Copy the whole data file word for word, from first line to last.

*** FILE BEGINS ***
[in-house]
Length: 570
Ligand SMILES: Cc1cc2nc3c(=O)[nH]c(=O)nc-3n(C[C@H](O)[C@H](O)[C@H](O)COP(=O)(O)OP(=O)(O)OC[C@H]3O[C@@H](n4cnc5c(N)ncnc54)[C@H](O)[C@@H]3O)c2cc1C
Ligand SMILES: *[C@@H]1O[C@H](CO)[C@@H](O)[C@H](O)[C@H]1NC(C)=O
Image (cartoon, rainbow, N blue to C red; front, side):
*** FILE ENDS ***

[in-house]
Length: 570
Ligand SMILES: Cc1cc2nc3c(=O)[nH]c(=O)nc-3n(C[C@H](O)[C@H](O)[C@H](O)COP(=O)(O)OP(=O)(O)OC[C@H]3O[C@@H](n4cnc5c(N)ncnc54)[C@H](O)[C@@H]3O)c2cc1C
Ligand SMILES: *[C@@H]1O[C@H](CO)[C@@H](O)[C@H](O)[C@H]1NC(C)=O
Image (cartoon, rainbow, N blue to C red; front, side):